Patients paralysed by a stroke have regained temporary movement in their arms and hands, thanks to an innovative electrical device.
Researchers at the University of Pittsburgh and Carnegie Mellon University, both Pennsylvania, USA, tested a technology that stimulates the spinal cord which enabled one patient – Heather Rendulic, who could not move one arm – to cut and eat a steak on her own after nine years (pictured). See also the BBC World News video.
The research (see Nature Medicine), that led to this breakthrough, involved studies in animals such as rats and monkeys to investigate how to repair spinal cord injuries.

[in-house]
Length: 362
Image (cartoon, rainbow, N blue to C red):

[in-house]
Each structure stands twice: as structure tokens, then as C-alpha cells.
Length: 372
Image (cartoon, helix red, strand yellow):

It was found that damaged neurons in the spinal cord could be reactivated using electricity to help treat paralysis and provide new treatments.
Dr Marco Capogrosso, at Pittsburgh, said: 'Thanks to years of preclinical research building up to this point, we have developed a practical, easy-to-use stimulation protocol… that could be easily translated to the hospital and quickly moved from the lab to the clinic.'